The bill progressive Democrats have deemed the "Bank Lobbyist Act," which faces a second procedural vote Monday afternoon, would make it easier for banks to hide racial discrimination in mortgage lending. The legislation would prevent the Consumer Financial Protection Bureau from collecting data to track when and where people of color are being charged for home loans, steered toward predatory products, or being denied mortgages.
Sen. Catherine Cortez Masto (D-NV) co-wrote in an op-ed: "Without this data, state attorneys general, fair housing advocates, and others would be back to where we stood in the aftermath of the 2008 crash: we could not connect racial, ethnic, gender and age discrimination to mortgages made in our communities and across the country."
The rewrite of the bill that will get a cloture vote on Monday has a "fig leaf" of a fix, David Dayen writes, still allowing "banks and credit unions making fewer than 500 mortgage loans a year [to] be exempt from the new data requirements." The changes say they would have to comply if they get a low rating in two successive Community Reinvestment Act examinations.
But as Dayen points out, at most "Community Reinvestment Act exams occur once every three years. So exempt banks wouldn’t have to sweat anything until 2021 at the earliest. Plus, since the CRA was enacted in 1977, 97 percent of all banks have received a passing grade—yet lending discrimination still exists."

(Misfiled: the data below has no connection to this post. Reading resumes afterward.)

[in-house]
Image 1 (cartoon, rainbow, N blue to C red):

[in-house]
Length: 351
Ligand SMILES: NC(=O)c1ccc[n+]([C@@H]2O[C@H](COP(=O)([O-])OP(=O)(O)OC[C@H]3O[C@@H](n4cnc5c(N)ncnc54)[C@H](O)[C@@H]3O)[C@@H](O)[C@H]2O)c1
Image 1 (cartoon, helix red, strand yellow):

It very much still exists.
An alarming new study by the Center for Investigative Reporting’s online publication Reveal found that African-Americans and Latinos were far more likely to be denied conventional mortgages than whites even when income, loan size and other factors were taken into account. The study examined 31 million mortgage records and found disturbing evidence in 61 metropolitan areas, including Atlanta, Detroit, Philadelphia, St. Louis and San Antonio. African-Americans faced their worst obstacles in the South—Mobile, Ala.; Greenville, N.C.; and Gainesville, Fla.—and Latinos in Iowa City.
Black applicants were disproportionately turned away, as compared to whites, in 48 metropolitan areas, Latinos in 25, Asian-Americans in nine and Native Americans in three areas. In Washington, D.C., the study found that all four groups were far more likely to be denied home loans than were whites.